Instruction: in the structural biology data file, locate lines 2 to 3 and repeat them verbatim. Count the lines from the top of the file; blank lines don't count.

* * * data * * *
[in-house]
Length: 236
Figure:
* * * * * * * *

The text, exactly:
Length: 236
Figure: